Hong Kong’s government is set to present a controversial political reform package ahead of a much-anticipated vote later this week.Protesters have gathered outside the city’s Legislative Council building.
The package will for the first time give citizens the right to vote for its chief executive, in 2017. But candidates will be vetted by a pro-Beijing committee.
Last September the city saw weeks of large-scale pro-democracy protests.
Hundreds of activists, comprising of pro-democracy and pro-Beijing supporters, are outside the Legislative Council (LegCo) premises waving banners and shouting slogans.
“I’m here to oppose the so-called democracy,” protester Fion Wong told AFP news agency. “Passing it [the bill] would be a betrayal to those who have taken part in the Occupy movement,” she added, referring to the Occupy Central pro-democracy movement.
A pro-Beijing supporter surnamed Chan told Reuters: “The bill needs to go through. We have to support Hong Kong stability. We cannot keep carrying on like this.”
The South China Morning Post reported that police have stationed at least 200 officers within the building and deployed another 1,000 outside.
Details of the package are expected to be presented by the government at 13:00 local time (05:00 GMT) on Wednesday.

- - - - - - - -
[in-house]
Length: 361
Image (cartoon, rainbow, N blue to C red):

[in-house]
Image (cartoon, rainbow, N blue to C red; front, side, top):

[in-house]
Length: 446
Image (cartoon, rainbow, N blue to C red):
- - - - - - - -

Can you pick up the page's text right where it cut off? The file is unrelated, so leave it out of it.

Hong Kong’s pro-democracy lawmakers look set to vote against the reforms despite warnings from the Chinese government not to do so.
If that is the case, it is unlikely to get the two-thirds majority it needs to pass.
“If the pan-democrats stubbornly insist on vetoing the proposal, democracy in Hong Kong will come to a standstill,” Song Ru’an, a Chinese foreign ministry official in Hong Kong, told reporters.
It is unclear what China’s response will be if the package is vetoed in the vote, which is expected to take place on Thursday or Friday.
Security has been stepped up across the city. On Tuesday, China warned against “radical forces” in Hong Kong after police arrested 10 people on suspicion of making explosives.
Analysis: Juliana Liu, Hong Kong
The last time the spectre of bombs exploding on the streets hung over Hong Kong, the city was still a British colony.
But over the past 50 years, despite major upheavals, Hong Kong has remained an uncommonly safe city, home to people holding diverse political views.
So, the news that police had arrested at least 10 people on suspicion of conspiracy to make bombs, ahead of a key vote at the Legislative Council, has shocked and divided the general public.
Read more: Occupy gone sour? ‘Bombs’ in Hong Kong
Police said one suspect had claimed to be a member of a “radical local group” but would not name the group or specify motives.
Pro-democracy activists have accused police of launching a smear campaign against them.